How to Prevent Against Japanese Encephalitis

 Janpanese Encephalitis symptoms

This article only offers general advice and should not be considered as a substitute for medical advice. Always consider a professional health care opinion. 

While most of the time mosquitoes are simply a nuisance, some mosquitoes are harbingers for a much deadlier situation. Mosquitoes can carry dangerous diseases, the least of which is Japanese encephalitis. This viral infection attacks the brain, and can lead to debilitating symptoms if not treated quickly. Symptoms of Japanese encephalitis can be particularly severe in children, making it all the more imperative to learn all you can about it so you can protect yourself against the disease. Read on to find out all you need to know about Japanese encephalitis. 

What is Japanese encephalitis?

Japanese encephalitis (JE) is a viral brain infection spread by mosquitoes. Mosquitoes carry it from infected animals, typically spreading it among humans in rural areas across Asia. The disease is caused by a flavi virus that affects the membranes around the human brain and leads to inflammation of the brain due to infection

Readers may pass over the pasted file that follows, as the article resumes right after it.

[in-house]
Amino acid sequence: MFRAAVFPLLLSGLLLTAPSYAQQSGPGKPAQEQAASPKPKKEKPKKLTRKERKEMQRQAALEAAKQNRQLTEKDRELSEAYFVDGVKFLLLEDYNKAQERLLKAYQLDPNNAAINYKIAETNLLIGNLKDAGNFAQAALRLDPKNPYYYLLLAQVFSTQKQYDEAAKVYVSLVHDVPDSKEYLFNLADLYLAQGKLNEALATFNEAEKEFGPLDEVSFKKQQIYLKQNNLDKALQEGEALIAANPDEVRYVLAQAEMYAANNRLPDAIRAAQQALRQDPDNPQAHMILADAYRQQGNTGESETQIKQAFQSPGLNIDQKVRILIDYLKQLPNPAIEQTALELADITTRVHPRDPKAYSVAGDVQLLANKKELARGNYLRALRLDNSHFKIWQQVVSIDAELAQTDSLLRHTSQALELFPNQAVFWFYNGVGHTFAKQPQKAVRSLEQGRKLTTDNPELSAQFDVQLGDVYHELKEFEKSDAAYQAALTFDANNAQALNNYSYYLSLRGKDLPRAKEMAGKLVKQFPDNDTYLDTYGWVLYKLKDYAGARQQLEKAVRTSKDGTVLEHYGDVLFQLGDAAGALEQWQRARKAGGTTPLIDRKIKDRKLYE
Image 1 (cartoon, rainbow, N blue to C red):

Where does Japanese encephalitis occur?

Japanese encephalitis is the leading cause of viral encephalitis in Asia, spreading across the entirety of the continent.  

The mosquito that carries the disease thrives and breeds in the agricultural areas of Southeast Asia, the Far East and the Pacific Islands. Half of the 70,000 cases that are witnessed each year originate in China, where mosquitoes breed in stagnant water pools and flooded rice fields. 

The first case of Japanese encephalitis in India was reported in 1955, and has recently been most common in the states of Tamil Nadu, Karnataka and Kerala. That said, outbreaks have been reported across the country, in 15 states and union territories.  

What are some common Japanese encephalitis symptoms?

Most cases of Japanese encephalitis are asymptomatic, with patients unlikely to develop symptoms. Moreover, patients who do get symptoms will find them to be mild, only getting headaches and a high fever. However, 1 in 200 cases are more severe, with symptoms including loss of consciousness and convulsions. In rare cases, the disease can cause permanent brain damage or even death. 

Some common signs and symptoms of Japanese encephalitis include:  

  • High fever 
  • Headache 
  • Nausea 
  • Diarrhea 
  • Muscle pain 
  • Neck stiffness 

In rare, severe cases, initial symptoms can last for a few days, and then worsen into more serious symptoms, including: 

  • Disorientation 
  • Seizures 
  • Coma 
  • Spastic paralysis 
  • Uncontrollable shaking 
  • Death 

Symptoms of Japanese encephalitis in children

Unfortunately, Japanese encephalitis tends to affect children between 1-15 years more than any other demographic, possibly due to a lack of immunity built up over the years. Symptoms of Japanese encephalitis in children can be more severe than in adults, with an estimated 25% of affected children dying from the disease. Among those who survive, about 30-40% are left with physical and/or mental impairments.